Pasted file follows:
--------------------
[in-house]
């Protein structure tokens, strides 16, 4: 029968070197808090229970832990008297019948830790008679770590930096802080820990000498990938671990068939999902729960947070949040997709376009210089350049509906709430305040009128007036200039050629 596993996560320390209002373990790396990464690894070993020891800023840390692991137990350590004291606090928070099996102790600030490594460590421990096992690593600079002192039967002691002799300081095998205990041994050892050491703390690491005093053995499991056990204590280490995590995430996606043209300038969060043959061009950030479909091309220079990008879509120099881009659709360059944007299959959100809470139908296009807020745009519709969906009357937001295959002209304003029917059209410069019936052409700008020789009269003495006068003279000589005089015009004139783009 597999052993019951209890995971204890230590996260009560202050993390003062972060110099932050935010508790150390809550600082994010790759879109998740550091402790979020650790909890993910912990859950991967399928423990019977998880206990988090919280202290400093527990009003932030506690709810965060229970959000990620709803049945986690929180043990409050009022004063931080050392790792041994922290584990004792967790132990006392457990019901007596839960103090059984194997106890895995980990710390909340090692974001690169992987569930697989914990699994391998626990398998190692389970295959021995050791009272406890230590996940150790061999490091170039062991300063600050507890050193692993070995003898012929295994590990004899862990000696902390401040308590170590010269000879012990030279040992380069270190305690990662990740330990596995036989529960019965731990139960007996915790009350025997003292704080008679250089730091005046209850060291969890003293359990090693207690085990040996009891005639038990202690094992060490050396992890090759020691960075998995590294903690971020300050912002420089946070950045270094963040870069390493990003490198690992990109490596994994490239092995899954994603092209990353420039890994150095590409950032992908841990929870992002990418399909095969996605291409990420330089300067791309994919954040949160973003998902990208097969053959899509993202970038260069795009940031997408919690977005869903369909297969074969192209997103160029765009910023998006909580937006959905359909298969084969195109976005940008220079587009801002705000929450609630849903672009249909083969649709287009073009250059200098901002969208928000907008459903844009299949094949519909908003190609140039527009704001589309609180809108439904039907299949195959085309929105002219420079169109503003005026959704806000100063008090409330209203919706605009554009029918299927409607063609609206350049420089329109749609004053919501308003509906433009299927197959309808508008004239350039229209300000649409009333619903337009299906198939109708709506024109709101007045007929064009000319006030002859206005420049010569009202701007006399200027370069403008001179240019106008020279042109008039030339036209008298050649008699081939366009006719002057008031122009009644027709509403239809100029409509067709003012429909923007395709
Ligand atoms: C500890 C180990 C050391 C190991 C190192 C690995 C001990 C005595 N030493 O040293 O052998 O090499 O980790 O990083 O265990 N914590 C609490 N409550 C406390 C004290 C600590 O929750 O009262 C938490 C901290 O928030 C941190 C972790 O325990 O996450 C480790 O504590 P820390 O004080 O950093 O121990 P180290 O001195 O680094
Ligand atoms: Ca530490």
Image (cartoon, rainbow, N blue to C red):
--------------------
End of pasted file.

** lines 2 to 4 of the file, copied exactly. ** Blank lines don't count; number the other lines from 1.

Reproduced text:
């Protein structure tokens, strides 16, 4: 029968070197808090229970832990008297019948830790008679770590930096802080820990000498990938671990068939999902729960947070949040997709376009210089350049509906709430305040009128007036200039050629 596993996560320390209002373990790396990464690894070993020891800023840390692991137990350590004291606090928070099996102790600030490594460590421990096992690593600079002192039967002691002799300081095998205990041994050892050491703390690491005093053995499991056990204590280490995590995430996606043209300038969060043959061009950030479909091309220079990008879509120099881009659709360059944007299959959100809470139908296009807020745009519709969906009357937001295959002209304003029917059209410069019936052409700008020789009269003495006068003279000589005089015009004139783009 597999052993019951209890995971204890230590996260009560202050993390003062972060110099932050935010508790150390809550600082994010790759879109998740550091402790979020650790909890993910912990859950991967399928423990019977998880206990988090919280202290400093527990009003932030506690709810965060229970959000990620709803049945986690929180043990409050009022004063931080050392790792041994922290584990004792967790132990006392457990019901007596839960103090059984194997106890895995980990710390909340090692974001690169992987569930697989914990699994391998626990398998190692389970295959021995050791009272406890230590996940150790061999490091170039062991300063600050507890050193692993070995003898012929295994590990004899862990000696902390401040308590170590010269000879012990030279040992380069270190305690990662990740330990596995036989529960019965731990139960007996915790009350025997003292704080008679250089730091005046209850060291969890003293359990090693207690085990040996009891005639038990202690094992060490050396992890090759020691960075998995590294903690971020300050912002420089946070950045270094963040870069390493990003490198690992990109490596994994490239092995899954994603092209990353420039890994150095590409950032992908841990929870992002990418399909095969996605291409990420330089300067791309994919954040949160973003998902990208097969053959899509993202970038260069795009940031997408919690977005869903369909297969074969192209997103160029765009910023998006909580937006959905359909298969084969195109976005940008220079587009801002705000929450609630849903672009249909083969649709287009073009250059200098901002969208928000907008459903844009299949094949519909908003190609140039527009704001589309609180809108439904039907299949195959085309929105002219420079169109503003005026959704806000100063008090409330209203919706605009554009029918299927409607063609609206350049420089329109749609004053919501308003509906433009299927197959309808508008004239350039229209300000649409009333619903337009299906198939109708709506024109709101007045007929064009000319006030002859206005420049010569009202701007006399200027370069403008001179240019106008020279042109008039030339036209008298050649008699081939366009006719002057008031122009009644027709509403239809100029409509067709003012429909923007395709
Ligand atoms: C500890 C180990 C050391 C190991 C190192 C690995 C001990 C005595 N030493 O040293 O052998 O090499 O980790 O990083 O265990 N914590 C609490 N409550 C406390 C004290 C600590 O929750 O009262 C938490 C901290 O928030 C941190 C972790 O325990 O996450 C480790 O504590 P820390 O004080 O950093 O121990 P180290 O001195 O680094
Ligand atoms: Ca530490």